The UK new car market declined by 35.5% in February.
The Society of Motor Manufacturers (SMMT) reports that 28,282 fewer units were registered during a traditionally weak month for new vehicle uptake. The industry recorded its lowest February uptake since 1959, with 51,312 new cars registered.
With showrooms closed nationwide since 5 January – and in many parts of the country, since December – both private and fleet sector demand fell by 37.3% and 33.5% respectively. All vehicle segments saw declines save for luxury saloons, which recorded a 3.8% increase against a statistically very small proportion of the market.
Plug-in vehicles continued to enjoy growth, with BEVs and PHEVs taking a combined 13.0% market share for the month, up from 5.7% in February 2020. BEV uptake increased by 40.2% to 3,516, and PHEVs by 52.1% to 3,131 as the industry continues to promote a broad range of lower-emission technologies for consumers.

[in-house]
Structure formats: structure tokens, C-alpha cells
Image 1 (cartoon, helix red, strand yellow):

Mike Hawes, SMMT chief executive, said: “February is traditionally a small month for car registrations and with showrooms closed for the duration, the decline is deeply disappointing but expected. More concerning, however, is that these closures have stifled dealers’ preparations for March with the expectation that this will now be a third, successive dismal ‘new plate month’. Although we have a pathway out of restrictions with rapid vaccine rollout, and proven experience in operating click and collect, it is essential that showrooms reopen as soon as possible so the industry can start to build back better, and recover the £23 billion loss from the past year.”